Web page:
Apple’s decision to upgrade the iPad mini for the first time since 2015 was surprising for a product line that many had assumed was dead. Conventional wisdom states that smaller tablets have died out as phone screens continue to grow in size. But having just returned from a two-week trip around Europe where I used the 2019 mini as my only computer, my only question is: what took Apple so long? It’s a wonderful product without parallel.

The iPad mini is the perfect vacation computer. My trip involved a lot of low-cost carrier flights with strict baggage limits, so I was traveling super light, and I always appreciated the minimal impact. I never regretted carrying the iPad mini around with me, even though I had a giant phone in my pocket.

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I use an iPhone XS Max, which itself has one of the biggest screens you can get on a phone, at 6.5 inches. That doesn’t sound that much smaller than the iPad mini’s 7.9-inch display on paper, but the two devices just aren’t comparable. The iPad mini has a 4:3 aspect ratio, which makes it much wider in portrait orientation, and it has roughly twice the overall surface area. Apps use full iPad layouts, so they benefit from multiple columns and pop-overs, while the iPad version of iOS gives you access to proper multitasking when you need it.

What did I do with the iPad mini? Well, iPad things. It’s the best iPad by far for reading ebooks since you can comfortably hold it in one hand. It’s the worst iPad for watching video, conversely, but it’s still big enough to share for Netflix with a partner in a way that an iPhone just isn’t. It’s much better than even the biggest of phones for web browsing, catching up on news apps, looking up restaurants on Google Maps, and editing photos. It also has much better battery life.

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I already knew I liked the iPad mini form factor. I bought the original model in 2012 and used the heck out of it until I sold it a year later in anticipation of an upgrade. But I never actually made that upgrade. Every iPad mini since came with compromises, particularly around the display, that stopped me from going through with the purchase each time.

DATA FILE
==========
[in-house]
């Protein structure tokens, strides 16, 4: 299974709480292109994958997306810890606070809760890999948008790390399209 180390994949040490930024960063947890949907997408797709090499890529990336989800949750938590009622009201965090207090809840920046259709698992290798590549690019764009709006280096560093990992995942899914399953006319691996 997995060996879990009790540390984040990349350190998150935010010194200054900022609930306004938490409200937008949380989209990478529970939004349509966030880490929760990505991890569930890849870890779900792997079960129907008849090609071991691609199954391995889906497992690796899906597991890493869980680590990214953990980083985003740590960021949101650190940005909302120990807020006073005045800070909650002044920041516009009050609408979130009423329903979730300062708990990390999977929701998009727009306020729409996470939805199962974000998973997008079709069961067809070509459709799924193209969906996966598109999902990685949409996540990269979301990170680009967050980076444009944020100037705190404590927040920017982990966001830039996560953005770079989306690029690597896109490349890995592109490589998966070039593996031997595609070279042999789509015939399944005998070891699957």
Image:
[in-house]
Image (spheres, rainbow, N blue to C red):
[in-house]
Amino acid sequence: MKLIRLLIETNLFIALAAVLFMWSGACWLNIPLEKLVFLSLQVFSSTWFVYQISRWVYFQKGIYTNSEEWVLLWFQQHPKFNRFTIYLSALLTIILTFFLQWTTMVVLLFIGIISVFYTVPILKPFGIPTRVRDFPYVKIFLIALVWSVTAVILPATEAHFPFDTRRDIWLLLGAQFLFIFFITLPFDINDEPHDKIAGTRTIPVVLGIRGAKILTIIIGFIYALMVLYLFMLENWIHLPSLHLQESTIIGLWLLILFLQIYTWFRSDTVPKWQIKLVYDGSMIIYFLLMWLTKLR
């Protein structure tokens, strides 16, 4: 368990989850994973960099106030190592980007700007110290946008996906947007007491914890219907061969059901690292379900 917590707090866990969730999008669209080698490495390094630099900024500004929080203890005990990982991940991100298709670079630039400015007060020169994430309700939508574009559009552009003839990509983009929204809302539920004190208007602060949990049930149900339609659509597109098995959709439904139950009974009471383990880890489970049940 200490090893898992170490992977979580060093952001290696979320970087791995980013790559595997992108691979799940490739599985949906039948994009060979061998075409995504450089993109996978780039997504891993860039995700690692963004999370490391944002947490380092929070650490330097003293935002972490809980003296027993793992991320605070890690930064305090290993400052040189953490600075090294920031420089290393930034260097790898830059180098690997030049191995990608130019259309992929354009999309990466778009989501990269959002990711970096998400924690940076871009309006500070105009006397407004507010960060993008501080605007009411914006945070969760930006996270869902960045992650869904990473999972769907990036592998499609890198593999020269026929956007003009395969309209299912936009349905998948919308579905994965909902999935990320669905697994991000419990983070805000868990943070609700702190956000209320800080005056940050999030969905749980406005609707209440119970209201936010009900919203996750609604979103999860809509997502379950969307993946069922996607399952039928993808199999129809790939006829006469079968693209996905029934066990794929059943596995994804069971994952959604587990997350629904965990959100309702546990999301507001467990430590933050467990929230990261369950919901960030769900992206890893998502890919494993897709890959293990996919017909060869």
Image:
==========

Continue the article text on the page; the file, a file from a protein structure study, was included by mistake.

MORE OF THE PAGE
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The first model, of course, had a low-resolution screen. The iPad mini 2 added a Retina display, but the panel’s color reproduction was poor next to the same year’s iPad Air. The mini 3 was a non-event of an upgrade that added nothing but Touch ID. And while the mini 4 had a better color gamut and a laminated screen, its processor was a year out of date the moment it hit shelves. I’d already moved on to the prettier and more powerful iPad Air 2 and forgot all about the mini until this year.


Photo by Amelia Holowaty Krales / The Verge

In 2019, I have to admit that the iPad mini does look pretty retro. The design hasn’t changed at all beyond a new gold finish and some matte chamfered edges, and the mobile industry’s recent bezel-killing trends haven’t done it any favors. This is definitely one of those Apple products that was thrown together from a bunch of existing parts.

The good news is that Apple chose some really great parts. In particular, the new iPad mini screen is fantastic. It’s one of those classically awesome Apple LCDs with faultless colors and viewing angles; Apple also threw in features like Pencil support and True Tone, the latter of which I really wouldn’t want to be without at this point. Since the resolution is the same as the regular 9.7-inch iPad shrunk down to 7.9 inches, this is actually the sharpest, most pixel-dense screen in the iPad lineup, though you’ll probably be holding it closer to your eyes than the larger models.

The A12 processor is another important inclusion. Most iPad minis have shipped with chips a year out of date or more, and the $329 9.7-inch iPad is already two generations behind, but the new mini’s A12 is the same chip you’ll find in the current iPhone XS. Its performance is phenomenal, and I feel like there’s enough headroom in this little tablet to last another several-year stretch of Apple forgetting it exists.

I don’t want to give Apple too much credit for the new iPad mini. Even though the update was long overdue, it evidently isn’t a product that has had a ton of work put into it, and in some ways, it still sits awkwardly in the lineup. Why doesn’t it use the newer Apple Pencil, for example? Because that would have required a new chassis design. Why didn’t it get a new chassis design? Possibly because some business customers would want a drop-in replacement for their aging fleet of iPad minis, but probably also because Apple doesn’t really think it’s worth the effort.

None of that changes the fact that the 2019 iPad mini is a fantastic product that I would recommend to anyone. I might have preferred a more ambitious redesign, sure, but what’s here is hard to criticize. It’s never less than a delight to use, it’s the only good product in its category, and it’s earned a permanent spot in my tote bag.

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